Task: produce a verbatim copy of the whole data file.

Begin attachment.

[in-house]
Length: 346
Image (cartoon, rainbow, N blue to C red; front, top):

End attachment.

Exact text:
[in-house]
Length: 346
Image (cartoon, rainbow, N blue to C red; front, top):